Gov. Rick Scott overstepped his authority and violated the separation of powers by freezing state agency rulemaking, the Florida Supreme Court ruled today.
Shortly after he was sworn in as governor on Jan. 4, Scott suspended agency rulemaking and required the proposed rules be vetted by his office. He later created the “Office of Fiscal Accountability and Regulatory Reform” to review the rules, saying he wanted to make sure they did not slow down government, create barriers for businesses or cost taxpayers money.
Sez the CEO whose company had to pay a $6 million fine to the federal government and admitted he should have hired more auditors to make sure his health care company was in compliance with those pesky Medicare regulations. Apparently the lesson learned is, whenever possible, simply do away with regulations!
But in a 5-2 ruling, the court found that Scott’s executive orders “infringe upon the very process of rulemaking and encroach upon the Legislature‘s delegation of its rulemaking power as set forth in the Florida Statutes.”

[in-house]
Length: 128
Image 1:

Chief Justice Charles Canady and Judge Ricky Polston, both appointed by Gov. Charlie Crist, dissented. Scott acted within his constitutional authority as the state’s chief administrative officer whose duty is “to manage, plan, and hold agencies under his charge accountable to State laws, including the APA. The actual facts before us do not demonstrate otherwise,” Polston wrote.
Canady called the majority opinion an “ill-conceived interference with the constitutional authority and responsibility of Florida‘s Governor.”
Scott also saw it that way.
“It doesn’t make any sense to me,” Scott said of the court ruling. “I don’t think it follows the constitution. It’s a disappointment.